Friday, 27 November 2009

The Premier Chinese Fruit

Lychee, also spelled litchi or laichi, is a tropical fruit tree that originated in southern China. It is the most popular Chinese fruit and has been cherished for over 2,000 years.

Lychee fruits are showy and are borne in loose pendent clusters of 2 to 30. It is a drupe, oval, heart-shaped or nearly round shaped and is quite small though at only about 2.5 cm wide and 4 cm long; about the size of a small plum. The fruit is covered by skin or pericarp that is thin, leathery, roughly-textured or minutely warty rind that comes off easily but is inedible. It is usually strawberry-red, sometimes rose, pinkish or amber, and some types tinged with green colour. This skin often referred to as the "shell" encases a layer of glossy, succulent, thick, translucent-white to grayish or pinkish fleshy pulp which usually separates readily from the seed. The flesh is similar in texture to a grape but is chewier. It is edible and consists of a highly developed aril enveloping the seed. The flavour of the delicately scented flesh is distinctive, sub acid, sweet, exotic, and very juicy. In the centre is a single glossy dark-brown nut-like seed of about 2 cm long and 1–1.5 cm in diameter. The seed, which looks like a buckeye seed, is inedible as it is slightly poisonous.

Fresh lychee fruit still in their skin will explode if thrown onto a fire. Lychee naturally dehydrates in just a few days. The skin turns brown and brittle and the flesh becomes dry, shriveled, dark reddish brown and the flesh becomes brown and crisp. As it resembles a nut, dried lychee is nicknamed “lychee nut”. It has a raisin-like, richer and musky flavour. The flesh of the dried lychee is eaten like raisins, as a snack. The Chinese use it to sweeten their tea.

Other than potassium, lychee contains various minerals. It is rich in vitamins B & C and is a fairly high source of vitamins E and D. Eaten in moderate amounts, it is believed to relieve cough and is said to have a beneficial effect on gastralgia, tumours and enlargements of the glands. Though the Chinese believe that excessive consumption of fresh lychees causes fever and nosebleed, they use the seeds to relieve neurological pains and orchitis. A tea of the fruit peel is taken to overcome smallpox eruptions and diarrhea. According to legends, ancient devotees have consumed from 300 to 1,000 of fresh lychees per day. In India, the seeds are powdered and used for intestinal troubles. Decoction of the root, bark and flowers are gargled to alleviate ailments of the throat. In the USA, lychee roots are being experimented on a type of tumour.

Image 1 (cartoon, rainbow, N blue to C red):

When purchasing, choose lychee that has bright coloured skin and free of blemishes. Lychee could be kept at room temperatures for only two or three days. Therefore, place it in a plastic bag and refrigerate unpeeled for up to a week.

Lychee is a premier dessert fruit. Though available tinned and dried, it is most relished fresh; peeled and pitted. It is also used to make ice cream, juice, candies and wine. Recently, I flavoured my jelly with lychee.

Lychee Jelly

What do we need:

1 tin lychee
5 g agar-agar strands
2 cups water
1/4 cup sugar
A pinch of salt
A few drops of food colouring

How do we do it:

Soak the the agar-agar strands in water for an hour. Wash and drain. Cook with water.

Strain the lychees and save the syrup.

When the jelly strands have dissolved, add the lychee syrup, sugar and salt. Cook until the sugar dissolve. Colour the jelly mixture with a fre drops of food colouring. Mix well.

Roughly chop the lychees and scatter in a mould. Strain the jelly mixture into the mould onto the lychee pieces. Chill in fridge. To ease unmoulding of the jelly, ensure that the moulds are wet before pouring the jelly mixture. Serve Lychee Jelly cold.

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